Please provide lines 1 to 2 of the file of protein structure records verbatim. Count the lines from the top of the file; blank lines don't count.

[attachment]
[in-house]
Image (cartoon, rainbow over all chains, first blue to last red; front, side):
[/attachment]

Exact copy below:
[in-house]
Image (cartoon, rainbow over all chains, first blue to last red; front, side):